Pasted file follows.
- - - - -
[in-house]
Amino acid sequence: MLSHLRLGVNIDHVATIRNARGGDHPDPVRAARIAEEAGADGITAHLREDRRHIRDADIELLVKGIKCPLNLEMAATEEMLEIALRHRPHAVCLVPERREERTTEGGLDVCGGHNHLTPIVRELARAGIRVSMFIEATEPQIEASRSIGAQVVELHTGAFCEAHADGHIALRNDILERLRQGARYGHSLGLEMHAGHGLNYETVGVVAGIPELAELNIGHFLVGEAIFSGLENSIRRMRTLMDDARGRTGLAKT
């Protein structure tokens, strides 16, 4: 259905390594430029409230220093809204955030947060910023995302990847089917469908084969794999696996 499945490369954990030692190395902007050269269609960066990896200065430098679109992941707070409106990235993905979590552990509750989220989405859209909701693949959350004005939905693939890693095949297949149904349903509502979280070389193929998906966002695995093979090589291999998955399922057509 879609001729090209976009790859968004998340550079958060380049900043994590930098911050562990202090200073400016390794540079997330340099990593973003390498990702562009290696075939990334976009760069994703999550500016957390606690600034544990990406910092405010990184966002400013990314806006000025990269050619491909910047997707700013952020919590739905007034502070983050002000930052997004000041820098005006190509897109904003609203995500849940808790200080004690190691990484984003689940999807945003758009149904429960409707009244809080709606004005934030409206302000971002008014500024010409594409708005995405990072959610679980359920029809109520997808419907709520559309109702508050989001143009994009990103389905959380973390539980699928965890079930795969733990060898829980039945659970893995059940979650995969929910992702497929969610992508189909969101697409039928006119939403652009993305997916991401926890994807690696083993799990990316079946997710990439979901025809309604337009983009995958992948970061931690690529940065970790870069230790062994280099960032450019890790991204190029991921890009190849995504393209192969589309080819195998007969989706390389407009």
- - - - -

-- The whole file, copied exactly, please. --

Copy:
[in-house]
Amino acid sequence: MLSHLRLGVNIDHVATIRNARGGDHPDPVRAARIAEEAGADGITAHLREDRRHIRDADIELLVKGIKCPLNLEMAATEEMLEIALRHRPHAVCLVPERREERTTEGGLDVCGGHNHLTPIVRELARAGIRVSMFIEATEPQIEASRSIGAQVVELHTGAFCEAHADGHIALRNDILERLRQGARYGHSLGLEMHAGHGLNYETVGVVAGIPELAELNIGHFLVGEAIFSGLENSIRRMRTLMDDARGRTGLAKT
């Protein structure tokens, strides 16, 4: 259905390594430029409230220093809204955030947060910023995302990847089917469908084969794999696996 499945490369954990030692190395902007050269269609960066990896200065430098679109992941707070409106990235993905979590552990509750989220989405859209909701693949959350004005939905693939890693095949297949149904349903509502979280070389193929998906966002695995093979090589291999998955399922057509 879609001729090209976009790859968004998340550079958060380049900043994590930098911050562990202090200073400016390794540079997330340099990593973003390498990702562009290696075939990334976009760069994703999550500016957390606690600034544990990406910092405010990184966002400013990314806006000025990269050619491909910047997707700013952020919590739905007034502070983050002000930052997004000041820098005006190509897109904003609203995500849940808790200080004690190691990484984003689940999807945003758009149904429960409707009244809080709606004005934030409206302000971002008014500024010409594409708005995405990072959610679980359920029809109520997808419907709520559309109702508050989001143009994009990103389905959380973390539980699928965890079930795969733990060898829980039945659970893995059940979650995969929910992702497929969610992508189909969101697409039928006119939403652009993305997916991401926890994807690696083993799990990316079946997710990439979901025809309604337009983009995958992948970061931690690529940065970790870069230790062994280099960032450019890790991204190029991921890009190849995504393209192969589309080819195998007969989706390389407009």